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Jakarta : Is anyone there or been there?

(6 Posts)
Okkitokkiunga Wed 05-Oct-16 12:17:44


DH looking at a job in Jakarta. Is ex-pat and the package seems good. USD90K salary, housing, schools, flights home & transport. What is it actually like to live there in terms of safety, attitude to foreigners, social life, and most importantly, the life for our children. DD is 9 and DS 7.


ifink Wed 05-Oct-16 17:09:30

I'm currently living in Jakarta. It is probably one of the harder places to live in SE Asia. Think crazy crazy traffic, dirty, poor quality/choice of food, housing that falls apart/leaks (although looks OK on the outside), lots of poverty and no green all. Sounds like a decent package (housing/schools being extremely expensive so thats all covered). You will need a driver and car. My kids are the same age as yours and love their international school which provides lot of great activities. I have met some brill expats, I love the social life (although it is nothing like Singapore...much much smaller numbers of foreigners), and I feel safe in most places. I hate the fact that there are no outside parks and the risk of dengue fever is high. HTH

Okkitokkiunga Wed 05-Oct-16 19:52:37

Thanks. If you don't mind me asking, how long have you been there? Is your DH happy with work/commute? Do you have an apartment or a house? If you knew then what you know now, would you still go? I'm a bit more adventurous than DH. We've only done European moves so far.

Sorry about all the questions.

UnderTheGreenwoodTree Wed 05-Oct-16 20:12:55

My dad worked out there for 10yrs in the 90's. 2 of my siblings went to the British International school there, and loved it.

I visited him out there -my dad was very happy working there, and the Indonesian people are IMO amongst the loveliest in the world. It is an amazing place, but obviously a massive culture shock, if you've only been in Europe. There is masses of poverty out there, that your dc will see, but from behind a screen of privilege iyswim.

PP is right, you will need a car with a driver - my dad sometimes drove us, and we were always, always stopped by the police, where he's have to give them a backhander. You will see people begging everywhere, and you will be harassed by street sales people everywhere, because you are white/western.

They had a house with a pool out there at first, then moved to an apartment with gym/pool etc. Both were lovely, and I always felt very safe out there. The crime experienced by expats seemed to be limited to pick-pocketing/bag slashing when I was there - but I'm well aware that Indonesia has changed politically since the 90s - so do your research carefully.

The expat community was strong when I visited, and the standard of living very good. My stepmum wasn't as happy out there as my dad - she was homesick and at a loose end while my dad worked long, long hours. However, I would say my sibling's lives (they were about 10 and 8 then) were enriched by the experience.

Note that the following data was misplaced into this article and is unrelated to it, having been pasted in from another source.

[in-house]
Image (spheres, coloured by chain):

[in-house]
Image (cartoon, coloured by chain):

If you embrace new cultures, and are prepared to be fairly enclosed in an expat bubble of drivers, maids, International schools, expat get-togethers etc, then you should go for it. I'm glad I had the opportunity to visit there.

Okkitokkiunga Wed 05-Oct-16 20:34:22

Thanks Greenwood

ifink Thu 06-Oct-16 07:31:02

Hi OP, I've been there a year - it's completely flown by to by honest!
We picked where to live due to proximity both to school and my DH's work - this is very important as commutes can be very long depending on where you live. Be aware that if using the school bus it is very expensive, so worth seeing if your package includes that in 'education' (sorry forgot about that before) - you can probably find from the websites for British School Jakarta and JIS (Jakarta Intercultural School) the actual prices.

I honestly couldn't put my children on a school bus out to the British school as it is a long way from where we chose to live (up to 1.5 hours getting home, pick ups at 6.20 am in the morning from us!) and there were other closer schools (probably not so well regarded though but you'll find there is a lot of snobbery over international schoolssmile) - but you find that many expats will put children on buses without such concern, we are all different

We live in a compound as DH's company insist that we do. It is a large one with about 50 townhouses, a gym, pools, tennis courts etc. It is great for new people as you meet people at the pool etc. The other advantage of this set up or an apartment is that all the security is provided by the compound/building. If you live in a house, you will need security guards and probably a gardener to attend to the pool etc - sometimes houses have these already employed by the landlord, sometimes you will have to do it yourself. Living in a house gives you the peace from the city life and you can shut yourself away and breathe! I find the compound is very busy all of the time with children constantly coming over to play - my kids love it but I find it exhausting at times.

Employing staff is hard in Indonesia - it can be very hit and miss on whether they can a) understand you and b) can actually do the job (and won't just fleece you!!). Same for DH at work - his colleagues are warm and friendly but competency standards and work ethics are very very different to Europe/US and can lead to a lot of frustration!
I love Indonesian people and their food and culture and it is fantastic to explore other parts of the country. Don't be fooled into thinking flights to Bali and Lombok are cheap - they aren't! which is annoying and travelling at weekends outside Jakarta involves serious hours in the car so you will find that you spend a lot of time at home.

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